Thursday, July 09, 2009

Between the Rivers

On June 19, I overnighted at the Piney Campground of Land Between the Lakes National Recreation Area. For years, I've been intrigued by the green splotch on U.S. maps between Tennessee and Kentucky usually just called Land Between the Lakes, but not intrigued enough to visit. Or even learn that much about it. Just one of those things involving inertia; it would have been an easy trip from Nashville when I lived there, but I never made it.

Interesting story, the creation of Land Between the Lakes. Entirely too interesting, if you ask the people who were kicked off their land in the 1960s by the TVA to create the recreation area after the damming of the Cumberland River that created Lake Barkley. (The damming of the Tennessee River had occurred in the '40s to create Kentucky Lake -- and why wasn't it called Lake Kentucky, which sounds better?) I'm not an expert on the incident, but my impression is that the people who once lived in the area -- Between the Rivers, they called it -- were evicted as ignominiously as Indians, except that they weren't required to live together somewhere else.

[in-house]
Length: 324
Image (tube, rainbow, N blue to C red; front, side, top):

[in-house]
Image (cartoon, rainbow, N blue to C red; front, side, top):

Still, the lakes are pretty, and they clearly offer a lot of recreation to a lot of people. This is Kentucky Lake, from the shore of the Piney Campground.

A few reminders of the former occupants remain. One, south of Golden Pond on the Trace, the main road through the recreation area, was impossible to miss from the road.

This is what remains of the Great Western Furnace, in Tennessee, built in the 1854 for smelting iron ore. You'd think such a facility would have been a target for attack during the Civil War, but no. "It closed in 1856," the historical market says, "due to lack of ore and to a slave insurrection by the furnace crew."

Whatever it did to the living residents, the federal government could not bring itself to destroy Between the Rivers cemeteries, of which there are many. I visited one north of Golden Pond, in Kentucky, though I've misplaced my notes about the name of the cemetery. It was a quiet, good-looking rural cemetery.

One Levi Brown, who passed in 1931, is presumably at rest under this homemade stone. It was probably all his relatives could afford, but it seems to have held up well.

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